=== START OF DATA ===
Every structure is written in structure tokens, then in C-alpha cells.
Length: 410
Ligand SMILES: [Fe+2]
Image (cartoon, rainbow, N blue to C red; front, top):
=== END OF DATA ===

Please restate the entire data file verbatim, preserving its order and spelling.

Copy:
Every structure is written in structure tokens, then in C-alpha cells.
Length: 410
Ligand SMILES: [Fe+2]
Image (cartoon, rainbow, N blue to C red; front, top):